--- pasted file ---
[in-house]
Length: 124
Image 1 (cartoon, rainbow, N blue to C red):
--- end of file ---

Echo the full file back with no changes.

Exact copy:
[in-house]
Length: 124
Image 1 (cartoon, rainbow, N blue to C red):